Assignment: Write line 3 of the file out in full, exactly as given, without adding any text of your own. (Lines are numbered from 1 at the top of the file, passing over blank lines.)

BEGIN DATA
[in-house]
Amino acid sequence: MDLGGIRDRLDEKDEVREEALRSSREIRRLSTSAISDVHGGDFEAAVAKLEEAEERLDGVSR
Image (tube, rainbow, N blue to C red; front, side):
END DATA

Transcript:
Image (tube, rainbow, N blue to C red; front, side):